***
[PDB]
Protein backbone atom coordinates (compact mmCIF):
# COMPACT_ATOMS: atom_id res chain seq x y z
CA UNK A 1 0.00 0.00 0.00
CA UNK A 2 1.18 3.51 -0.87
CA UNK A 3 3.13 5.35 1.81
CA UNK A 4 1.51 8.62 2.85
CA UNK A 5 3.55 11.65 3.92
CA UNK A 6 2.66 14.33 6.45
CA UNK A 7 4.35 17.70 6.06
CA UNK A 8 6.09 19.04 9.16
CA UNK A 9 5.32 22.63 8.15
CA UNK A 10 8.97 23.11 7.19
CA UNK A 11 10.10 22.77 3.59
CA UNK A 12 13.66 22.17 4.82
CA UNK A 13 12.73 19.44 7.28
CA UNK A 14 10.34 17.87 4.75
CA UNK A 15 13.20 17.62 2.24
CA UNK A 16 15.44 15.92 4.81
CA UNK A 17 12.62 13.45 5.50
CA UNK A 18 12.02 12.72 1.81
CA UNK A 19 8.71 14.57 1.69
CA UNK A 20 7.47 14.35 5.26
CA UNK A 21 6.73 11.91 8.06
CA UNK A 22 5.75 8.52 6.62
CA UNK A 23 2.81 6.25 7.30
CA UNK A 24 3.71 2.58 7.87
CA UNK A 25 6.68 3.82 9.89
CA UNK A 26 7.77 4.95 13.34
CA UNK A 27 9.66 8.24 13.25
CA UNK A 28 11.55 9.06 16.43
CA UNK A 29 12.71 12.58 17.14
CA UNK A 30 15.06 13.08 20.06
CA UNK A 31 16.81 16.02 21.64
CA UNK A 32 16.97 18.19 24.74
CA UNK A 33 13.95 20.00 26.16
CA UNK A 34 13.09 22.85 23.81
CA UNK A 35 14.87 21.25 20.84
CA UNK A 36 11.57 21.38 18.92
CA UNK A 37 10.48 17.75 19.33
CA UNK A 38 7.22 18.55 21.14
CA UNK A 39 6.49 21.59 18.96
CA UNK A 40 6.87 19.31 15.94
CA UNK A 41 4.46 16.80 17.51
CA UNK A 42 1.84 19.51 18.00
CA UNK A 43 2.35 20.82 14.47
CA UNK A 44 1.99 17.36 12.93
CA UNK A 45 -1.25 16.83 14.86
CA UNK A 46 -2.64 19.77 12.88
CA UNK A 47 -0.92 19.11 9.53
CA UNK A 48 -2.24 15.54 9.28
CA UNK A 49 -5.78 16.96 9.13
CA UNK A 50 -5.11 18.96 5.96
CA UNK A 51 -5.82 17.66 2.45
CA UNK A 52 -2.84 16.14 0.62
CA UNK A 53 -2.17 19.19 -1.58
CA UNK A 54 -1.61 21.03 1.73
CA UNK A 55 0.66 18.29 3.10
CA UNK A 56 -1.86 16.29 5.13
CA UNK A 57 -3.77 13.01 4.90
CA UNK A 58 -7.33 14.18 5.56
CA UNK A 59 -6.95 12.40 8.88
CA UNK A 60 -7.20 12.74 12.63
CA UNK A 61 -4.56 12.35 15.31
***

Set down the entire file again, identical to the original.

[PDB]
Protein backbone atom coordinates (compact mmCIF):
# COMPACT_ATOMS: atom_id res chain seq x y z
CA UNK A 1 0.00 0.00 0.00
CA UNK A 2 1.18 3.51 -0.87
CA UNK A 3 3.13 5.35 1.81
CA UNK A 4 1.51 8.62 2.85
CA UNK A 5 3.55 11.65 3.92
CA UNK A 6 2.66 14.33 6.45
CA UNK A 7 4.35 17.70 6.06
CA UNK A 8 6.09 19.04 9.16
CA UNK A 9 5.32 22.63 8.15
CA UNK A 10 8.97 23.11 7.19
CA UNK A 11 10.10 22.77 3.59
CA UNK A 12 13.66 22.17 4.82
CA UNK A 13 12.73 19.44 7.28
CA UNK A 14 10.34 17.87 4.75
CA UNK A 15 13.20 17.62 2.24
CA UNK A 16 15.44 15.92 4.81
CA UNK A 17 12.62 13.45 5.50
CA UNK A 18 12.02 12.72 1.81
CA UNK A 19 8.71 14.57 1.69
CA UNK A 20 7.47 14.35 5.26
CA UNK A 21 6.73 11.91 8.06
CA UNK A 22 5.75 8.52 6.62
CA UNK A 23 2.81 6.25 7.30
CA UNK A 24 3.71 2.58 7.87
CA UNK A 25 6.68 3.82 9.89
CA UNK A 26 7.77 4.95 13.34
CA UNK A 27 9.66 8.24 13.25
CA UNK A 28 11.55 9.06 16.43
CA UNK A 29 12.71 12.58 17.14
CA UNK A 30 15.06 13.08 20.06
CA UNK A 31 16.81 16.02 21.64
CA UNK A 32 16.97 18.19 24.74
CA UNK A 33 13.95 20.00 26.16
CA UNK A 34 13.09 22.85 23.81
CA UNK A 35 14.87 21.25 20.84
CA UNK A 36 11.57 21.38 18.92
CA UNK A 37 10.48 17.75 19.33
CA UNK A 38 7.22 18.55 21.14
CA UNK A 39 6.49 21.59 18.96
CA UNK A 40 6.87 19.31 15.94
CA UNK A 41 4.46 16.80 17.51
CA UNK A 42 1.84 19.51 18.00
CA UNK A 43 2.35 20.82 14.47
CA UNK A 44 1.99 17.36 12.93
CA UNK A 45 -1.25 16.83 14.86
CA UNK A 46 -2.64 19.77 12.88
CA UNK A 47 -0.92 19.11 9.53
CA UNK A 48 -2.24 15.54 9.28
CA UNK A 49 -5.78 16.96 9.13
CA UNK A 50 -5.11 18.96 5.96
CA UNK A 51 -5.82 17.66 2.45
CA UNK A 52 -2.84 16.14 0.62
CA UNK A 53 -2.17 19.19 -1.58
CA UNK A 54 -1.61 21.03 1.73
CA UNK A 55 0.66 18.29 3.10
CA UNK A 56 -1.86 16.29 5.13
CA UNK A 57 -3.77 13.01 4.90
CA UNK A 58 -7.33 14.18 5.56
CA UNK A 59 -6.95 12.40 8.88
CA UNK A 60 -7.20 12.74 12.63
CA UNK A 61 -4.56 12.35 15.31